In summary, HANES findings soundly refuted the widely held opinion that skin disease was a trivial contributor to illness, disability, and morbidity in the US population. HANES findings greatly exceeded the intuitive estimates of dermatologists in the magnitude of skin disease in the United States 60 million, one-third of the US population with skin pathology. Further, among the afflicted, more than 24 million coping with employment and social handicaps, discomfort, and disfigurement, only 19% were receiving care of adequate quality. HANES provided scientifically derived and evidence-based data.

      After HANES

      Almost 30 y have passed since HANES was undertaken, and a HANES redux in all its comprehensive and expensive finery is highly unlikely. Since the early 1970s, the US population has grown from 193 million to 281 million. Since 1971 to 1974, substantial changes have occurred in the ethnic distribution of the US population, primarily owing to immigration (
      • U.S. Census Bureau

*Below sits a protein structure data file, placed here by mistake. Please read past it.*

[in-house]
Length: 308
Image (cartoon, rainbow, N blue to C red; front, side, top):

). For example, Hispanics are now the largest minority group, exceeding 35 million. In two of our largest cities, Los Angeles and New York, the “minorities” are becoming majorities. Most of the population growth in the US has occurred in cohorts of younger ages. Thus, the HANES-documented prevalence rates in older persons (65 y and older) have not been confounded by substantial new additions and can be reliably extrapolated to the current older population. For example, in the HANES 65- to 74-y age group, the highest prevalence rates were for skin tumors (18.4%), all malignant skin cancers (3.6%), basal cell carcinoma (2%), and precancerous including actinic keratoses (8%). By the year 2000, the number of persons age 65 to 74 in the United States had increased by 5.6 million. In 2000, persons 75 y and older (a group not included in HANES) numbered 16.6 million; the HANES data extrapolated rate of malignant cancers for this group is 6%. The total estimated numbers of additional persons with malignant skin cancer is 204,000 in the 65- to 74-y age group and 996,000 for persons 75 y and older. The steep increases reflect the aging of America: 35 million persons 65 y or older, with 1 in 8 now more than 80 y of age.